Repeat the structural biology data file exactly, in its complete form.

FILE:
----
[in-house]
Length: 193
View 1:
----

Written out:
[in-house]
Length: 193
View 1: